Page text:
This article describes both e-discovery in the United States and the German Federal Data Protection Act, the Bundesdatenschutzgesetz (BDSG). It details the conflicting demands of those institutions in the event of litigation, as well as the consequences for a company caught between them. Namely, e-discovery often requires the disclosure of vast amounts of electronically stored information held by a company, while the BDSG prohibits the disclosure of personal information outside of specific exceptions. Failure to disclose the data could result in significant sanctions in the U.S., while disclosing data can lead to large fines and constitutes a criminal offense in Germany.
Next, the article describes two ways to prevent discovery that conflicts with the BDSG: protective orders and the Aerospatiale test. A protective order requires a showing of "good cause," and the BDSG can satisfy that requirement. The Supreme Court's Aerospatiale test is used to determine when comity prohibits use of FRCP discovery. Because the Aerospatiale test references the Hague Evidence Convention as an alternative to FRCP discovery, the article then describes the Convention and how it can be used.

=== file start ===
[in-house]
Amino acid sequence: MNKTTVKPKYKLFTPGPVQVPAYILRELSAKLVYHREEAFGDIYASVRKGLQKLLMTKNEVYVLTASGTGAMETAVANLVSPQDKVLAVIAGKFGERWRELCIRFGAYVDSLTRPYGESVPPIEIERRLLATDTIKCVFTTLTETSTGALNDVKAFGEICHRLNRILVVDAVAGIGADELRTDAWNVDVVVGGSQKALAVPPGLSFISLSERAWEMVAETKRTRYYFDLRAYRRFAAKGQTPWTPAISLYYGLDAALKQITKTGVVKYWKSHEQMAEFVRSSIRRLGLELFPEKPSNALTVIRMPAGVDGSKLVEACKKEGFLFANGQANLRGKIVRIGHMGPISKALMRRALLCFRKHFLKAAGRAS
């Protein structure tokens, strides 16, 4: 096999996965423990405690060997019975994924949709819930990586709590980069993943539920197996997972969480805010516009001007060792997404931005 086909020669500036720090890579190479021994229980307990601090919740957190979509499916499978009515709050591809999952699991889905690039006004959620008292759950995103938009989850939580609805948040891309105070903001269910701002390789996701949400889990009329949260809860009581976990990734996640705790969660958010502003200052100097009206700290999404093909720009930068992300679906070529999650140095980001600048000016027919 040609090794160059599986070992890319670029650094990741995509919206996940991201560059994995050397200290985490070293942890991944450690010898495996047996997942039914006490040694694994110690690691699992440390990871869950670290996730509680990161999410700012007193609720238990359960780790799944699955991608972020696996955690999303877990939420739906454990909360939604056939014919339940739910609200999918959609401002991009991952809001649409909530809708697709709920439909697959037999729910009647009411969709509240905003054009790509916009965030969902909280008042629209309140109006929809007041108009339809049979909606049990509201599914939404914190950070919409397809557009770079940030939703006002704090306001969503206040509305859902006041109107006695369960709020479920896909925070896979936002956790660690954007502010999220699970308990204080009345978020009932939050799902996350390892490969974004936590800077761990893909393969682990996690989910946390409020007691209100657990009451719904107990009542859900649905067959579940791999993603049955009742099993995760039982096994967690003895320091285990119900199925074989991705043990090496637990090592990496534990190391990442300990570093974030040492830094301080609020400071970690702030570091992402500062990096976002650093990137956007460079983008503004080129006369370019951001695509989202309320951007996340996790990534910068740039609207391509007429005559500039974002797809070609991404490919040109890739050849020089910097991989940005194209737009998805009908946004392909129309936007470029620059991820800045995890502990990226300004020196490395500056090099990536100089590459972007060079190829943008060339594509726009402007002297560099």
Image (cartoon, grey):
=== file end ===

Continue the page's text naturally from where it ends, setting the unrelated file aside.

Finally, the authors present some advice for companies to avoid the e-discovery/BDSG conflict. This advice includes storing personal information separately from nonpersonal information, avoiding transferring information collected elsewhere into Germany, and cooperating with the opposing party and the court during the discovery process.
Oliver Forster and Osama Almughrabi,
Managing the Conflict between U.S. E-Discovery and the German Data Protection Act,
36 Hastings Int'l & Comp. L. Rev. 111
Available at: https://repository.uchastings.edu/hastings_international_comparative_law_review/vol36/iss1/2